Acting Afghan foreign minister Mawlawi Amir Khan Muttaqi received the Indian delegation in Kabul and called it “a good beginning in ties between the two countries.”
The meeting focused on bilateral relations, trade and aid, Muttaqi’s spokesperson, Abdul Qahar Balkhi, said in a tweet. The Indian delegation was led by JP Singh, a secretary in the external affairs ministry.
Muttaqi expressed gratitude for Indian humanitarian and medical assistance to Afghanistan, stressing the importance of the resumption of projects by India, its diplomatic presence in Afghanistan and the provision of consular services to Afghans, particularly to Afghan students and medical patients, Balkhi said.
Poverty and hunger have rocketed in Afghanistan since the Islamist militants took power after the United States pulled out, and India has sent food grains and other aid.
India sent 20,000 tons of wheat, 13 tons of medicines, 500,000 doses of Covid-19 vaccines and winter clothing to Afghanistan to meet shortages there, the ministry of external affairs spokesperson, Arindam Bagchi, said.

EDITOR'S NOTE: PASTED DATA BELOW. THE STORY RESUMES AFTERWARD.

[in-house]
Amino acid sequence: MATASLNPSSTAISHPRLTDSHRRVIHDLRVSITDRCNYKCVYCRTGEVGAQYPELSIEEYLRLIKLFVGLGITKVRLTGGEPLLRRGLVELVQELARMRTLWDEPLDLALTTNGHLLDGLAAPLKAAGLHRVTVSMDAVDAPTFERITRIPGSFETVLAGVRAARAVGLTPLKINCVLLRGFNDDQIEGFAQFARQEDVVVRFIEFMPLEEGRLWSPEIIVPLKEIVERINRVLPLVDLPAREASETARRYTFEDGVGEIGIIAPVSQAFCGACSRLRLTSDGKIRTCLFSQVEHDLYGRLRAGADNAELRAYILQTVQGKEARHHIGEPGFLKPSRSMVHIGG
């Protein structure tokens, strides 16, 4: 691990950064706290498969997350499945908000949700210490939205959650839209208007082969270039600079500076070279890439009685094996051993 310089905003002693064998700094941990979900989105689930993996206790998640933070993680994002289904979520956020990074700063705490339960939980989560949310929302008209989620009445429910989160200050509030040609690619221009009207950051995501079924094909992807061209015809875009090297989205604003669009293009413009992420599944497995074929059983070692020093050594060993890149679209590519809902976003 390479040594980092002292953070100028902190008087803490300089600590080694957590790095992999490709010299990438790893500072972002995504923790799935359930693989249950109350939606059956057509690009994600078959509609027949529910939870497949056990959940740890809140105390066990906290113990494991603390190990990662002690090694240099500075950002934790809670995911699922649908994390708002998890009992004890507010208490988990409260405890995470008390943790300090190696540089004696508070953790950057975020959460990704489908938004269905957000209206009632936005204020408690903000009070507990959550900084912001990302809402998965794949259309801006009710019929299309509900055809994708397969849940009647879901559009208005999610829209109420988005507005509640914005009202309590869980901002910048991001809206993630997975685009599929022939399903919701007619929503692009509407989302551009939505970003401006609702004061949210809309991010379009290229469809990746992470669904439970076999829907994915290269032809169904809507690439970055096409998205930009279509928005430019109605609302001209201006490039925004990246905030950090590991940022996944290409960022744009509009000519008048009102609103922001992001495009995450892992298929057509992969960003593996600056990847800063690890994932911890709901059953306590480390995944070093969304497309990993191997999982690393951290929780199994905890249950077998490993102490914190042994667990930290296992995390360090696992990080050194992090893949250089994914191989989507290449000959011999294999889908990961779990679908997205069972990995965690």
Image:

The aid was handed over to the Indira Gandhi Children’s Hospital in Kabul and UN agencies, including the World Health Organization and the World Food Program, he said in a statement, adding that more medicines and food were on the way.
Will India recognize the Taliban?
Asked if New Delhi now officially recognised the Taliban administration, Arindam Bagchi told reporters they were “reading far too much into the visit”.
“We are engaged with the international community on what is their expectation from the Taliban. We will continue to engage with the international community on issues relating to Afghanistan including the issue of recognition,” Bagchi said.
“India has historical and civilisational ties with Afghan people and those long-standing ties will continue to guide our approach to Afghanistan,” he said.
India pulled its officials out of Afghanistan last August and closed its embassy. Asked whether India will reopen its embassy in Kabul, Bagchi did not give a direct reply and said the local staff continued to function at the mission.
“Post August 15 last year, in the light of deteriorating security situation in Afghanistan, it was decided to bring back all India-based officials. However, the local staff continued to function and ensure proper maintenance and upkeep of our premises there,” Bagchi said.
Before the Taliban took control, India provided Afghan security forces with training and military equipment but had no troops on the ground. It was also the region’s largest provider of development aid to Afghanistan.
India has no diplomatic presence left in Kabul after it evacuated its staff ahead of the US withdrawal from Afghanistan in August last year.
(With inputs from agencies)